Projects Research & Design Hub

A Digital Amplifier for TVs

Written by Brian Millier

Using Teensy 4.1

Using the same store-bought speaker system for both TV audio and playing music means dealing with unwelcome trade-offs. With that in mind, in this project article Brian taps a Teensy 4.1 to build a home-brew digital amplifier for his TV that’s optimized for both TV watching and playing music.

  • How to use Teensy 4.1 to build a home-brew digital amplifier optimized for both TV watching and playing music.

  • How TV digital audio formats work

  • How to make use of the Teensy 4.1 module

  • How to make use of the Teensy Audio System Design Tool

  • How to craft your audio signal flow

  • How to use a  6-band graphic EQ

  • How to develop the circuitry

  • Teensy 4.1 board from PJRC

  • Teensy Audio library from PJRC

  • Everlight’s PLR135/T TOSLINK receiver module

  • Audio System Design Tool from PJRC

  • Princeton Technology’s PT8211 Stereo DAC

  • NXP Semiconductors’ MIMXRT1062 MCU

  • TSOP38238 IR receiver module from Digi-Key

  • Vishay TSOP38238 remote-control receiver

  • OKI-78SR-5/1.5 from Murata Power Solutions

  • Maxim Integrated’s MAX98357 I2S amplifier IC

  • ‎Walfront’s Bluetooth Amplifier Board

Modern, flat-screen TVs have slim bezels and are very thin in depth. As a result, most of them have little space for a decent loudspeaker, so they don’t provide good sound quality unless you augment them with something external. Today that generally means adding a soundbar of some sort, whereas when I purchased my first flat screen TV, a complete “Home Theater” solution was what was being promoted. The marketing influenced me; I purchased a high-quality home theater receiver and five speakers to match the receiver’s 5.1 sound capability.

In the early days of home theater setups, any enhanced audio content on most of the available TV programs was minimal—non-existent if you happened to like the older shows. Even as enhanced “surround” sound became available on the newer programs, what my wife and I found was:

  • 1) The various “sound effects” would only occur occasionally, and they were much too loud.
  • 2) Many programs, such as police shows, took place on city streets, and the traffic sounds often competed with the dialog to the extent that it was hard to understand what was being said.
  • 3) Certain “sound effects” were very low in frequency (they came from the subwoofer) and bothered our two dogs.

The net effect of this was that we stopped turning on the home theater receiver and went back to listening to the TV through its small built-in speaker, which allowed us to understand dialog better. When streaming boxes became popular, I was able to use my TV system to listen to music that I had stored on my NAS drive. Having a good amplifier and speakers was necessary for that purpose.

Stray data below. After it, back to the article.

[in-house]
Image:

While I could have continued to use my Yamaha Home Theater receiver, I became interested in building a home-brew digital amplifier for my TV that would serve two different purposes:

  • 1) For regular TV watching, it would send the audio signal through a filter, which was tailored to just pass the frequencies that were contained in normal speech.
  • 2) For listening to music, it would send the audio signal through a 6-band graphic EQ that I could set to suit my preference. I’m in my late 60s but my hearing is still quite good. However, with age, everyone has hearing loss in the upper frequency range found in music.

I have a small music recording studio, which I use as a hobby, and am quite familiar with the various types of digital filters used in the sound recording industry. Since I wanted to do all the TV’s audio signal processing in the digital domain, I thought it made sense to use the TV’s digital audio output, rather than taking the analog “line-out” signals and converting those analog signals into digital format using an analog-to-digital converter (ADC) or audio Codec chip.


I have built many digital audio projects over the last few years, using different modules in the Teensy line. In every case, they used the Teensy’s I2S digital audio interface, which is well-supported by the Teensy Audio library. The I2S interface is a standard 3- or 4-wire audio interface that can be found on virtually all audio Codecs, as well as discrete audio ADCs and DACs. I’ll discuss the Teensy Audio library later, but for now I’ll just mention that it is very easy to use and contains many audio signal-handling and DSP routines.

All that said, TVs do not use the I2S standard for their digital audio interface. Instead, they use the S/PDIF interface, which comes in two different formats:

Optical: This is what is used by the TOSLINK (Toshiba Link) interface. It transfers the digital signal by means of a single fiber-optic cable.
Coaxial: This uses a coaxial cable to transfer the digital signal, and is commonly terminated using old-fashioned RCA plugs and sockets.

S/PDIF stands for “Sony/Philips Digital Interface.” It has been around for 20 years or so, and is also referred to as IEC958 or IEC60958, after the International Electrotechnical Commission standards to which it adheres. Unlike the I2S interface, which contains separate Data, Clock and Left/Right channel-select lines, the S/PDIF signal is a single digital signal containing data for two or more channels, channel status and clocking information—all in one signal.